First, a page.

We’re proud that our Two Horse Tack models come from so many different breed backgrounds. It’s fun for us to learn more about various breeds of horse, and fun for us to meet the challenge of fitting tack to a wide range of needs. But we’re just as proud to outfit those horses whose heritage is a bit..less clear.
One of our tack models is Solly, who his person Miranda thinks is probably some mixture of Appaloosa, Quarter Horse, and may have some type of gaited breed thrown in. Miranda found Solly back home in Alabama, and knew very quickly she needed to get him out of his living situation.
“He was extremely skinny and was very weary of people,” she told us. “He wasn’t fond of people touching him.”
Miranda took him home with a few question marks. Besides his breed, she had to take a guess at his age, which at the time was probably four or five years old.
Now, four years later, Miranda says Solly has turned around.
“We began to build trust and put weight on. He was the best decision of my life thus far,” she told us.
Solly, short for ‘Solitaire,’ is a versatile horse who loves trail riding, jumping, and running barrels. He also does tricks–Miranda has taught him how to lie down on command, which was a big moment for the pair in terms of building trust. As prey animals, horses are putting their full trust in their humans when they agree to lie down on command because it renders them unable to flee in the event of some unexpected danger.
Next on Miranda and Solly’s list: riding bareback and bridleless. Solly is happy to work with Miranda, but she says he’s even happier to do so when she shares some of her snack with him. He’ll eat potato chips, pizza, apples, and even sweet tea!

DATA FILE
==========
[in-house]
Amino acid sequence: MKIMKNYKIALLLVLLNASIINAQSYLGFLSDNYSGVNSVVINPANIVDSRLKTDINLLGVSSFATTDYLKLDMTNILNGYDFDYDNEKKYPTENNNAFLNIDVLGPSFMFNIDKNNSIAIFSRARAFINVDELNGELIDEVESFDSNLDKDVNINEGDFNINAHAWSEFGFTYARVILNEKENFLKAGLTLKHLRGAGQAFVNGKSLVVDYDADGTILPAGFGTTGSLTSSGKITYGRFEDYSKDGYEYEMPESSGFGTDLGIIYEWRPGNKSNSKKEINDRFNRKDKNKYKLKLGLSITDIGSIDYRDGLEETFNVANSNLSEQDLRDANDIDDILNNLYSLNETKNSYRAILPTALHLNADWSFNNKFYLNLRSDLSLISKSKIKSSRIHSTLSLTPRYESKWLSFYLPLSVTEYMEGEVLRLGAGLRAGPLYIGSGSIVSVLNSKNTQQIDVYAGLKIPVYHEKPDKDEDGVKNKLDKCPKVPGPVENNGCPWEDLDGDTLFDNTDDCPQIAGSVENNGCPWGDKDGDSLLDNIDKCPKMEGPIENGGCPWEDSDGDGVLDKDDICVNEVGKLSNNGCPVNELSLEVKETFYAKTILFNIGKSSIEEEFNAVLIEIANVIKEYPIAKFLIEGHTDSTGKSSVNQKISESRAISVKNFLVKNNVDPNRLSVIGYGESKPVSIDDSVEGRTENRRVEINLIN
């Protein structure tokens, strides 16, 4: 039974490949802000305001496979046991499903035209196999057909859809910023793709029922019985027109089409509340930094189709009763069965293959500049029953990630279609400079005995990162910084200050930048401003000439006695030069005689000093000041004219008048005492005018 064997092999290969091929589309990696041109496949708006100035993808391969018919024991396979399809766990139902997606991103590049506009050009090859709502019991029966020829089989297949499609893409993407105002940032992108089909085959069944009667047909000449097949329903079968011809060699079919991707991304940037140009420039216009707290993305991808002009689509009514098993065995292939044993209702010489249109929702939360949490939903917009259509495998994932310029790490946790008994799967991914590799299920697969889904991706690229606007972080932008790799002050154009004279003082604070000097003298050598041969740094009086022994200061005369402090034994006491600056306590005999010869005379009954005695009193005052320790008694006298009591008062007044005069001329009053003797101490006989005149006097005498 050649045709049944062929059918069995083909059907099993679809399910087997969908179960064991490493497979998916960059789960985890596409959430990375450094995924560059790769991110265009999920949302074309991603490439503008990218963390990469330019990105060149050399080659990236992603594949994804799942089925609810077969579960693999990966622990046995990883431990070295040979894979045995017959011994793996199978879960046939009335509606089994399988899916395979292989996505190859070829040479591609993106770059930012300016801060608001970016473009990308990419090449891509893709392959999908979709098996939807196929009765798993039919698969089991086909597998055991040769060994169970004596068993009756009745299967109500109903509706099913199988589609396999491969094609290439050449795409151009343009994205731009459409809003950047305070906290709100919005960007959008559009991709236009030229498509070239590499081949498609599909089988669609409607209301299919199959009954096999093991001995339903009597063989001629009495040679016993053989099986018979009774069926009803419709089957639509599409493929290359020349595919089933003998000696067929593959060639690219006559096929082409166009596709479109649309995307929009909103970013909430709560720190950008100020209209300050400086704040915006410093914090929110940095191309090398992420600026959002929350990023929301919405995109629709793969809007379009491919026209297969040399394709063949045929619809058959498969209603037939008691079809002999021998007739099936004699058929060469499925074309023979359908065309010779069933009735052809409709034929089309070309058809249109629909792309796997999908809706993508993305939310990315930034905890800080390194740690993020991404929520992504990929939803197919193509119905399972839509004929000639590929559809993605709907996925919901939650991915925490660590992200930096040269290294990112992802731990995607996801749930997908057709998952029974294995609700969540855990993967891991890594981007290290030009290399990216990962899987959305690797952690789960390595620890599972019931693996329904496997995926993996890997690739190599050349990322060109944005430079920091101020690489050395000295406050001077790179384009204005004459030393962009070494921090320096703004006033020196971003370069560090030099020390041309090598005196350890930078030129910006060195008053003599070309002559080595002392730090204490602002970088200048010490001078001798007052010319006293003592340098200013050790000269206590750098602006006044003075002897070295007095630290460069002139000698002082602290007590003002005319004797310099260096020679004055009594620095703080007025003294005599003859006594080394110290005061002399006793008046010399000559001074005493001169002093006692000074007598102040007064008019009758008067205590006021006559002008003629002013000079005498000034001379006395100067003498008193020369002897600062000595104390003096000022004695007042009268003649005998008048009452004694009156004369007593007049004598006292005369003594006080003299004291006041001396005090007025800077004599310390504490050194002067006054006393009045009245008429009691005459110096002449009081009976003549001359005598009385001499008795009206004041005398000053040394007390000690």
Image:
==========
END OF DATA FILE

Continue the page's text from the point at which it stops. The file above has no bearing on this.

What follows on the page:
Solly may not be registered anywhere, but for Miranda, his kind heart, his love of his work, and his determination to please means more than any paperwork. We’re proud to have Solly sporting Two Horse Tack!
Here’s another item from our reading list: Adventures with Shyloh. Allison documents her journey with her 7-year-old Halflinger mare, Shyloh. It’s so cool to watch how a horse’s personality expands as their training expands, and Allison has done a fantastic job of illustrating the way their relationship has changed.
Allison and Shyloh recently took one of our halter bridles for a test drive. Allison, Shyloh, and Allison’s kids loved the feel of the bridle, and the easy grip of the reins. Shyloh can be difficult to fit, but Allison found that our range of sizing options made it easier to pick a choice that would work for her. Not only did their bridle fit perfectly, Allison is excited to use it when they begin trial riding.
Be sure to add Allison and Shyloh to your summer reading list!
If you’re trying to decide between our two varieties of halter bridles, our four-legged friend Sue has a few suggestions for you. Sue was kind enough to model both our traditional halter bridle and our quick change halter bridle. Both options obviously switch between bridles and halters, but they do so differently.
The purple and black halter bridle is our traditional variety, which has bit hangers which clip onto the cheekpieces. As Sue is showing us, it takes a couple of quick seconds to switch between turnout and trail ride. This style, as the name implies, does have a more traditional look (it comes in single-color varieties as well, in addition to bling and reflective varieties).
The orange item that Sue is wearing is the quick-change style halter bridle. Just unsnap the browband and lift the headstall and bit off the horse. As you can see, you’re left with a Western headstall and a turnout halter. When the pieces fit together, you have a halter bridle. The quick change style comes in all the same color, bling, reflective, and even camo options as the traditional style.
The quick change option is great for Western riders because it includes the headstall, but ultimately it comes down to which style works best for you and your horse. We can assure you that both are great, and equally maintenance-free! Just wash any of our beta pieces in soap and water to get them looking as good as new, no conditioner required.